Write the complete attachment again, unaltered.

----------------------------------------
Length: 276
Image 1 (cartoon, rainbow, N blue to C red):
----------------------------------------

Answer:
Length: 276
Image 1 (cartoon, rainbow, N blue to C red):